Fogging | Mold Health Issues

The Current “Tripledemic” of Viral Coinfections: Influenza, RSV, and Covid

Cesar Collado
January 10, 2023

Reading Time: 7 minutes

Coinfections by Multiple Pathogens

Coinfections are characterized by the simultaneous infection by multiple pathogens.  The current news describes a recent “Tripledemic” where Influenza, COVID-19, and RSV have converged in single hosts. I decided to search the literature on the “tripledemic”, however, there are many potential mold co-infections that occur with other microorganisms as well. Influenza, respiratory syncytial virus (RSV), and COVID-19 are all infectious diseases that can cause respiratory illness. Influenza and RSV are common viruses that can cause respiratory infections, particularly in young children, older adults, and people with underlying health conditions. COVID-19 is a more recent virus that has emerged to become a pandemic, affecting people all over the world.

Our Purpose

These articles are researched and written to provide helpful information to anyone with a debilitating chronic illness. In most traditional medical practices, mold falls in a blind spot. 

  • Mold can cause severe illness or death, caused by toxins, biological and chemical pollutants. 
  • Today’s healthcare system processes are not designed or equipped to diagnose and treat environmental illness.
  • Recent awareness of environmental illness has been magnified due to the severity of Covid pandemic. 
  • There are thousands of molecules, derived from chemicals or microbes, that are poorly understood, untested, or unrecgonized.

Symptoms of all these respiratory infections can include fever, cough, difficulty breathing, body aches, and fatigue. While most people recover from these infections without serious complications, some individuals, particularly those with underlying health conditions, may experience severe symptoms and may require hospitalization. Coinfections by multiple pathogens increases hospitalization rates.

To date, medical literature has not become established with the current “tripledemic”; but it is worth investigating how other viruses coinfect to see what we can do in preparation for any possibilities and pandemics in the future. I believe mold sensitive individuals can be better prepared on safety precautions and what to look for so that any mold sensitivities are taken into consideration when seeking medical help.

Coinfections with influenza are rarely diagnosed unless a patient is in serious condition or exhibits unknown symptoms in a hospital. The main reason for this is that a physician usually stops testing when they receive a positive for a single strain of influenza. Thus, if a patient test positive for Influenza A, they will not likely test for Influenza B since treatment is the same. The same goes for COVID. Flurona, is a new word or expression recently coined to mean the coinfection of influenza and Covid (Corona virus).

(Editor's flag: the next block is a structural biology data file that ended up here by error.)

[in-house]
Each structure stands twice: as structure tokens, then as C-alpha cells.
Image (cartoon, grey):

Flurona, coinfection by multiple pathogens

Flurona is a new word or expression recently coined to mean the coinfection of influenza and Covid.

It is important to discuss the possibility of coinfections with your physician. Otherwise, you may be treated for one virus without contemplation of multiple viruses at work. Physicians have old and new diagnostics that are available to test across multiple viruses. Coinfections by multiple pathogens is becoming more common.

Public Health and the Diagnosis of Fungal Infection

Fungal infections are not common diagnoses unless they are obvious. The CDC outlines the patients that are susceptible to fungal infections without acknowledging mold sensitivity or the impact of the environment on chronic diseases. They outline:

  • People living with HIV/AIDS
  • Organ transplant patients
  • Cancer patients
  • Hospitalized patients
  • Stem cell transplant patients
  • People taking medications that weaken the immune system

The CDC defines public outbreaks when “two or more people get sick from contact with the same source, sometimes at the same time or place”. When this happens, they have a branch that investigates. CDC’s Mycotic Diseases Branch works closely with federal, state, and local public health agencies and other partners. Together, they collect different types of data to find the source of the outbreak:

  • Epidemiologic data to answer questions such as “Who got sick?” “When?” and “Where?”
  • Patient samples such as blood or tissue are tested in a laboratory to find out which fungus is causing the illnesses.
  • Environmental samples can help health officials determine if fungi in the environment match the patient samples, providing clues about where they might have gotten infected.

Unfortunately, the resources to investigate every water damaged home where “two or more people get sick” for communities or homes that are water damaged does not exist. The burden lies with the patients.

CDC does provide limited information for healthcare professionals, primarily focusing on common mold infections such as candidiasis and aspergillosis that have clear and obvious symptoms and diagnostics. They do not address the pandemic of allergenic, pathogenic, and toxigenic molds that occur in water damaged homes, poorly ventilated buildings, or of storm destruction from communities hit by natural disasters. In almost all flooding situations, large populations are exposed to numerous dangerous bacteria and fungi present in dirty water that can impact human health.  

Similar to today’s crises, Public Health has limited resources to address all of the needs of a community for an infectious outbreak.

Coinfections Understood Today